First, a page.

Thursday, September 27, 2007

It's not like me to be pissed off, but I am

So my dad asked me yesterday how long I've got left at uni.

I hadn't actually told my parents about repeating, because I knew I'd get hassle.

I told him 2 years, as things had not gone well last year and I'm repeating year 2. His reply?

"Oh, here we go again..." (obviously referencing either my brother, who is repeating year 3 this year, or me dropping out of uni the first time round, and implying that this means I won't get a degree this time either.) "What do you mean, things didn't go well?"

I explained about the not sleeping and the being tired constantly and struggling with mornings, therefore not getting to lectures.

"You ought to have got out of that pattern years ago." Like I haven't tried? "You want to stop all that other stuff."

I asked what stuff he meant.


Oh, so that's the reason why I'm ill! All these years I've thought it was fibromyalgia, but obviously not. Obviously two evenings of choir practice a week stop me from getting to morning lectures. Also obviously that's what's been wrong with me for the past 10 years even though I wasn't even in a choir for 6 of those years. All I have to do is give up my ONE social activity and stay at home every evening studying and cleaning the house and tidying up the garden and all the other things he thinks I should be doing.

Okay. Thanks for the support Dad. Thanks for believing that I can do this, and being so constructive with your criticism. Thanks for constantly approving everything I do. Also thanks for having a clue what you're talking about, and listening to me when I explain how things are, and believing that I'm actually ill.

Of course, you're in complete control of my life, and that's the way it should be. You're always right, and I never am. I need positive people like you in my life.

Anyone detect any sarcasm there?

Winning the pub quiz every week does not make you the expert on Anna. Neither does it qualify you to be a doctor, or to tell me how to live, or how best to get my degree (btw he has no qualifications apart from a certificate in welding or something from about a hundred years ago).

Fuck you, Dad. Shut the fuck up already.


  1. So sorry, sweetheart. Unsupportive parents suck.
    When I turned 18, my Mom asked me when I was going to settle down and start having babies. (!?!) As if that was all I should want to do with my life!

  2. Don't they understand that we're individual people who want to live their lives in our own way?

    I guess a lot of people say this, but if I ever have kids (unlikely) I'll let them make their own mistakes and deal with the consequences. Sure I'll give advice, and support them as much as I can, but in the end you have to let people do their own thing, even if you don't approve.

  3. Yeah, cos at 18 you're starting to get past your baby-making prime... lol!

  4. I don't think a lot of people really even say that (about letting their kids be themselves). I mean, probably in the circles we run with, but I think most of the general populace really just sees their children as extensions of themselves or new hobbies or something. But not as PEOPLE. It really bothers me.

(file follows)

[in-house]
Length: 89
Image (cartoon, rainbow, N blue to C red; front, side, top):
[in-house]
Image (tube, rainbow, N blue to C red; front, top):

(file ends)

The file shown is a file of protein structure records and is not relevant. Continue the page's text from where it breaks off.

5. As usual, we completely agree!

    Kids aren't allowed to make their own choices. I think also as a society, we bring up kids to think that nothing is ever their fault. It's the fault of the teachers, the government, it's because they don't have the latest computer game or whatever.

    If you treat kids as adults and give them the same respect you'd give an adult (but at the same time expect the same standards of behaviour as you'd expect from an adult), they really do respond, in my experience. Obviously this works less well with young children, but similar principles apply.

    I always hated as a child when I asked a question (like "why do I have to go to bed now", or "why can't I have...") and was given the standard "just because" answer. You'd explain to an adult rather than just expecting them to accept it, so why not a toddler, or a five-year-old?

    And now I'll stop before this comment gets longer than the original post!

  6. Ooooh, yes. I have taken a solemn vow never, ever to tell my kids, "Just because" or "Because I said so." HATED that as a child!
    I think it's very important to a child's self-esteem to show that you have respect for them as a person. I mean, if their parents don't respect them, where are they supposed to learn that they should be respected?
    I think many parents are afraid of holding their children accountable for their actions. Too often, they let things get too far out of hand before taking action, by which point the action has to be fairly extreme to get a response. It's ridiculous. And sad.

  7. It's sad how the people closest to us show the least understanding about illness yet strangers can be so compassionate! You're not alone - my parents never understood what was wrong with me either. Good luck at uni.

  8. Damn right as usual Lea. Can you adopt me please? ;)

    Mo, yeah, you're right. I get most of my support online, from people who can't even physically see how my illness affects me day-to-day (and should therefore have a worse idea of what my experience with it is).

    Apparently I can't write coherent sentences right now, never mind! ;)

  9. Well, I suppose I could adopt you, but I think you'd have to change schools and you certainly wouldn't enjoy the heat here. :) Hmmm... maybe t would be a good excuse to get Michael to move over there? lol

  10. Sounds good to me!! Get your plane tickets booked! ;)